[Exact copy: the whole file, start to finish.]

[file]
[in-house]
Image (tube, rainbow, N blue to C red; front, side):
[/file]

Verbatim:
[in-house]
Image (tube, rainbow, N blue to C red; front, side):